This is the first book to offer the best essays, articles, and speeches on ethics and intelligence that demonstrate the complex moral dilemmas in intelligence collection, analysis, and operations. Some are recently declassified and never before published, and all are written by authors whose backgrounds are as varied as their insights, including Robert M. Gates, former Director of the Central Intelligence Agency; John P. Langan, the Joseph Cardinal Bernardin Professor of Catholic Social Thought at the Kennedy Institute of Ethics, (...) Georgetown University; and Loch K. Johnson, Regents Professor of Political Science at the University of Georgia and recipient of the Owens Award for contributions to the understanding of U.S. intelligence activities. Creating the foundation for the study of ethics and intelligence by filling in the gap between warfare and philosophy, this is a valuable collection of literature for building an ethical code that is not dependent on any specific agency, department, or country. (shrink)
Research Objective: This study focuses on ADs in the Netherlands and introduces a cross-cultural perspective by comparing it with other countries. Methods: A questionnaire was sent to a panel comprising 1621 people representative of the Dutch population. The response was 86%. Results: 95% of the respondents didn't have an AD, and 24% of these were not familiar with the idea of drawing up an AD. Most of those familiar with ADs knew about the Advanced Euthanasia Directive (AED, 64%). Both low (...) education and the presence of a religious conviction that plays an important role in one's life increase the chance of not wanting to draw up an AD. Also not having experienced a request for euthanasia from someone else, and the inconceivability of asking for euthanasia yourself, increase the chance of not wanting to draw up an AD. Discussion: This study shows that the subjects of palliative care and end-of-life-decision-making were very much dominated by the issue of euthanasia in the Netherlands. The AED was the best known AD; and factors that can be linked to euthanasia play an important role in whether or not people choose to draw up an AD. This differentiates the Netherlands from other countries and, when it comes to ADs, the global differences between countries and cultures are still so large that the highest possible goals, at this moment in time, are observing and possibly learning from other cultural settings. (shrink)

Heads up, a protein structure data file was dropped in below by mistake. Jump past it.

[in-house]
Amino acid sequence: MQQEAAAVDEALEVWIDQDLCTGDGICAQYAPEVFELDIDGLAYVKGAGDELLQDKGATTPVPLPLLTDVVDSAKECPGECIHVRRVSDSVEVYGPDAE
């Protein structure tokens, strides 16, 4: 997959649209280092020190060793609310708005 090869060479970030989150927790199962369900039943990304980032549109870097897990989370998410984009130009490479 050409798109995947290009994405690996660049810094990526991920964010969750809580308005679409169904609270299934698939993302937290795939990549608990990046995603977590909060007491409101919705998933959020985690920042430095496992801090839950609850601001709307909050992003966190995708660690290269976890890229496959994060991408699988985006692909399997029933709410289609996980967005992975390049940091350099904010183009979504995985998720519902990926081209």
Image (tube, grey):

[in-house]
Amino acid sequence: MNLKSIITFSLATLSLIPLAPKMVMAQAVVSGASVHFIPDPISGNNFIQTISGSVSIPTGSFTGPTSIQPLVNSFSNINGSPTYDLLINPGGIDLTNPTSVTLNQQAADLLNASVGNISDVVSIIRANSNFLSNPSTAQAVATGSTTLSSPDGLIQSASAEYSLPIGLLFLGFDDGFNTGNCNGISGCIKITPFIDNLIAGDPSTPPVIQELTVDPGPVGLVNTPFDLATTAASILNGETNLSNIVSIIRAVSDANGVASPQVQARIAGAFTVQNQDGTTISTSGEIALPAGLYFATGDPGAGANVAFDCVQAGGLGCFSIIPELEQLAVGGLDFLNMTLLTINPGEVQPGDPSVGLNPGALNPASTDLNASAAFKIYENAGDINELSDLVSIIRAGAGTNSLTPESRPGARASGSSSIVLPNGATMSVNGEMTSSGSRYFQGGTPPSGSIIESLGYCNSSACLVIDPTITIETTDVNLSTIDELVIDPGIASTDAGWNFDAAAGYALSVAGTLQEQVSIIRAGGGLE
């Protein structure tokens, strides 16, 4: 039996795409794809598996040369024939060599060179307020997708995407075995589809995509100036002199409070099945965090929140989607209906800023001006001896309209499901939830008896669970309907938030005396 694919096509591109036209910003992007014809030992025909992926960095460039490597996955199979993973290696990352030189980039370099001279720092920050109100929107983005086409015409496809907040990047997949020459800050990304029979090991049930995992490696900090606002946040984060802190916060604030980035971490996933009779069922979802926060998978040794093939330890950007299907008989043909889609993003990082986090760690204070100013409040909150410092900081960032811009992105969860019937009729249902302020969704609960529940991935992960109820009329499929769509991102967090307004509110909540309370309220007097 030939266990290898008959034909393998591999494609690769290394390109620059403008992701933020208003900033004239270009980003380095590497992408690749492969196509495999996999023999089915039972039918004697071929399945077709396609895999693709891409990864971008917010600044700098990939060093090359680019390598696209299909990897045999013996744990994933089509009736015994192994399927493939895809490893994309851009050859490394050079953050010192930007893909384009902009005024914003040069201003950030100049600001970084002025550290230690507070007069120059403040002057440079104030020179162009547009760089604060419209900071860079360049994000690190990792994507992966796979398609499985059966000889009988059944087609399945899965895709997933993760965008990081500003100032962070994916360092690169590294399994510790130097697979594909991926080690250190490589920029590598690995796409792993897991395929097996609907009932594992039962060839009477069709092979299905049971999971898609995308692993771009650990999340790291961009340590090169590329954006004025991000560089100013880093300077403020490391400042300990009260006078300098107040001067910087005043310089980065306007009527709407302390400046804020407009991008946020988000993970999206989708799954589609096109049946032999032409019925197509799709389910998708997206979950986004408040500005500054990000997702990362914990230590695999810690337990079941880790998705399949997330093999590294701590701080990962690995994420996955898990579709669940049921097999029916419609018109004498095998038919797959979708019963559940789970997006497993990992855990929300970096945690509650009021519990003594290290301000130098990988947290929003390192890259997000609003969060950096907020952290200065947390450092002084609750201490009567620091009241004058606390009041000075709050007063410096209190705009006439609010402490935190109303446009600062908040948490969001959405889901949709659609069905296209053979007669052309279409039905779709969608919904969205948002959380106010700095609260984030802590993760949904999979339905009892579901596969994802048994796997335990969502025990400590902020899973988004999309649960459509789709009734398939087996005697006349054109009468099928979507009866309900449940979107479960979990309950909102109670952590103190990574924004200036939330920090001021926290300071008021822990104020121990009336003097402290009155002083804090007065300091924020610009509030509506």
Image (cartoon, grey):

Kant's philosophy of arithmetic / by Charles Parsons -- Visual geometry / by James Hopkins -- The proof-structure of Kant's transcendental deduction / by Dieter Henrich -- Imagination and perception / by P.F. Strawson -- Kant's categories and their schematism / by Lauchlan Chipman -- Transcendental arguments / by Barry Stroud -- Strawson on transcendental idealism / by H.E. Matthews -- Self-knowledge / by W.H. Walsh -- The age and size of the world / by Jonathan Bennett.
The prolific English poet John Lydgate has been known as the “monk of Bury” since the early fifteenth century. Both his popularity and perceptions of his literary merit have fluctuated wildly since his zenith as the famous laureate of Henry V, Henry VI and Duke Humphrey, but readers have been constant in their association of Lydgate with the Benedictine abbey from which the epithet derives. However, there has been remarkably little examination of the details of Lydgate's existence at Bury: the (...) critical emphasis has been on Lydgate's contact with Lancastrian society rather than on his quotidian life as a monk. “To trace in detail the connection between the Bury library and the characteristic configuration of Lydgate's thought and work, to see how his mind was formed and influenced by the books with which he was in such familiar contact” remains an unfulfilled desire. In particular, given the range of Lydgate's literary and intellectual allusions, it is surprising that there has been no full attempt to compare what we know of Bury's sizeable late medieval library, catalogued in the late fourteenth century by Henry Kirkstede, with Lydgate's poetic output. Likewise, few critics have attempted to trace connections between Lydgate's poetry and the intellectual and cultural atmosphere of a grand Benedictine abbey in the late medieval period. This article, a study of one manuscript from Bury that Lydgate certainly handled and that is typical of the type of book he would have encountered in great numbers in the monastic library, endeavours to reassert the importance to his poetry of the environment in which Lydgate spent most of his life. (shrink)